This project investigates the war generation’s entry into higher education by focusing on one particular aspect: their contribution to reconstructing Europe by forging links with students from other countries, including former enemy nations. The immediate post-war years saw a plethora of international student initiatives – from the humanitarian efforts of European Student Relief to an international federation for national student unions. British university students were actively involved in these ventures; indeed, the very foundation of the National Union of Students (NUS) in 1922 was partly aimed at strengthening international links. Even when not active in such organisations, many British students engaged in internationalism, for example by participating in study exchanges and travel schemes. Our project thus examines how young adults with direct experience of war experienced and fostered international dialogue and understanding.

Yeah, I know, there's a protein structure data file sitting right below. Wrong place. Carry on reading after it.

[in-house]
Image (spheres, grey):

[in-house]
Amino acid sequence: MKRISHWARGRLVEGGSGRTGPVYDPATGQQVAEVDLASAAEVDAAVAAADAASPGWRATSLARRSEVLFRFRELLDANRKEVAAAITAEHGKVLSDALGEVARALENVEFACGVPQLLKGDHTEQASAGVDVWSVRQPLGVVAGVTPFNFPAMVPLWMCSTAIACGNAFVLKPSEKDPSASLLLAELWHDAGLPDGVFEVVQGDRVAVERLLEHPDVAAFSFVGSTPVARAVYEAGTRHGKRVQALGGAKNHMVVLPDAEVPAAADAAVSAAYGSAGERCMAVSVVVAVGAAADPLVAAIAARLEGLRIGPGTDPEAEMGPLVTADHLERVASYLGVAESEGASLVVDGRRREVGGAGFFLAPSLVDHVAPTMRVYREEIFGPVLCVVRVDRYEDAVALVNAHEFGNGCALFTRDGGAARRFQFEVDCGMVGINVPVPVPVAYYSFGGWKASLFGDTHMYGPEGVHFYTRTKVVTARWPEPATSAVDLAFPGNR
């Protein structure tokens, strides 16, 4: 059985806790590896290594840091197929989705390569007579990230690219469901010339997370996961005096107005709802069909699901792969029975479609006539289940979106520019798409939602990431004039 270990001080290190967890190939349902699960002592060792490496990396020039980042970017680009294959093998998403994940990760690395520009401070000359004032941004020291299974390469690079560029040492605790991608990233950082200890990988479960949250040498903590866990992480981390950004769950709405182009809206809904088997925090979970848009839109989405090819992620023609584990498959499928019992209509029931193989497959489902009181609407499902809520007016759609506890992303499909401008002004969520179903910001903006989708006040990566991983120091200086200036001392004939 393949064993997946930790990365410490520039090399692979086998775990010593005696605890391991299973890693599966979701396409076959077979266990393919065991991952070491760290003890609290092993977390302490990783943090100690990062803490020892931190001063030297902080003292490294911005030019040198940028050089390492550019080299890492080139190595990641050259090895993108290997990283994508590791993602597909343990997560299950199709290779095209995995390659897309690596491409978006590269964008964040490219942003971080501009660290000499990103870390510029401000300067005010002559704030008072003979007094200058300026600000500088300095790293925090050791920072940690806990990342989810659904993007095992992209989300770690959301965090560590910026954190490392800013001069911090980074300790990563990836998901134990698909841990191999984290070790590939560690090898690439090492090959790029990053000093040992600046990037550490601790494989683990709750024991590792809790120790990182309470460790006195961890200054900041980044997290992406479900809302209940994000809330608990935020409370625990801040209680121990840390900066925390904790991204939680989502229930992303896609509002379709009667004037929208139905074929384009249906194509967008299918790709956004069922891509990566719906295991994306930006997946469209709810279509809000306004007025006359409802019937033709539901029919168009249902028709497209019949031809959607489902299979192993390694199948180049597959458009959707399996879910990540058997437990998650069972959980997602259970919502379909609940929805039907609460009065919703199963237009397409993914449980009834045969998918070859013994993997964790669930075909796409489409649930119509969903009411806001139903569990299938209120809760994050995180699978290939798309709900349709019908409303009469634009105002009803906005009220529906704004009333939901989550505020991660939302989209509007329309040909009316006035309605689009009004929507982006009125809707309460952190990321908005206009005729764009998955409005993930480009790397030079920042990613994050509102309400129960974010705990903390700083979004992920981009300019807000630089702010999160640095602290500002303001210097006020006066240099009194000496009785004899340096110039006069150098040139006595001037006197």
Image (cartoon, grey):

The project is based on archival research in Newcastle, Durham, Edinburgh, London and Coventry. It has been co-designed with the National Union of Students (NUS) and the North East branch of the Workers’ Educational Association (WEA). The project team consists of Daniel Laqua (Northumbria; principal investigator), Georgina Brewis (UCL; co-investigator), Sarah Hellawell (research associate), Mike Day (NUS) and Jude Murphy (WEA). The team members will organise a public event in Newcastle and hold a policy seminar at the NUS headquarters in London. Findings from the project will be disseminated via a journal article, blog posts and through the launch of a working-paper series (in collaboration with the NUS).